Imagining a Louise Brooks feature as Lois Lane in Action Comics
In 1938, Action Comics premiered, introducing readers to the iconic character of Superman. But have you ever wondered what it would have been like if Louise Brooks played Lois Lane in the 1920s? And what if the film had been directed by G.W. Pabst, who was known for his innovative style? It’s a fascinating thought experiment to consider how the portrayal of the character might have differed from the traditional image of Lois Lane.
During the 1920s, women’s roles in film were still very limited, and the idea of a female reporter was still a novelty. But what if Pabst and Brooks had approached the character with a more feminist perspective, emphasizing her independence and intelligence? Brooks’ signature bob haircut, seen as scandalous at the time, could have given Lois Lane a modern and daring look. And with Pabst’s use of lighting and camera angles to create moody and atmospheric visuals, the film may have had a more noir-ish feel than the brightly colored superhero films of today.
But what if the film had been made in 1938 or 1940? Women’s roles in film were still limited, and they were often portrayed as damsels in distress or love interests for male protagonists. In that case, the film adaptation may have played up Lois Lane’s romantic interests in Superman or Clark Kent, rather than focusing on her career as a reporter. Or, with the world at war in 1940, Hollywood was increasingly using films as propaganda tools. If a film adaptation of Action Comics had been made during this time, the character of Lois Lane would have been portrayed as a patriotic symbol, highlighting her bravery and commitment to the war effort.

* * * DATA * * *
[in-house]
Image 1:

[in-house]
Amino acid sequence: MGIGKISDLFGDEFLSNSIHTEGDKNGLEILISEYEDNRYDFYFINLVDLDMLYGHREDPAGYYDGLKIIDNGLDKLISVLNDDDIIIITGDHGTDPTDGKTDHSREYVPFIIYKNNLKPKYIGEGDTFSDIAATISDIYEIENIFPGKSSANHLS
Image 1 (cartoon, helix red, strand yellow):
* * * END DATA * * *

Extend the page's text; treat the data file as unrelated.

Regardless of the time period, a film adaptation of Action Comics starring Louise Brooks as Lois Lane and directed by G.W. Pabst would have been groundbreaking and innovative, challenging traditional gender roles and expectations. It’s possible that Pabst may have drawn inspiration from Nietzsche’s concept of the Übermensch (superman) in his work, as he was known for exploring philosophical and psychological themes in his films. If Pabst were to incorporate these themes into his film adaptation of Action Comics, he may have used the character of Superman as a representation of the Übermensch.
If Pabst used the concept of the Übermensch as a subtle inspiration for Louise Brooks’ portrayal of Lois Lane, the character could have been depicted as a strong and independent woman who challenges traditional gender roles and societal norms. Lois Lane could be portrayed as someone who is fearless, self-assertive, and confident in her own abilities. But it’s important to note that while the idea of the Übermensch may have some positive connotations, it has also been associated with negative and dangerous ideologies in the past. Therefore, any interpretation that promotes harmful beliefs or behavior should be avoided.
Overall, a film adaptation of Action Comics starring Louise Brooks as Lois Lane and directed by G.W. Pabst would have been a fascinating and groundbreaking film, showcasing the talents of two of the most innovative artists of the time. While we can only speculate about what the film might have looked like, it’s clear that it would have challenged traditional gender roles and expectations, and it may have incorporated philosophical and psychological themes that were ahead of their time.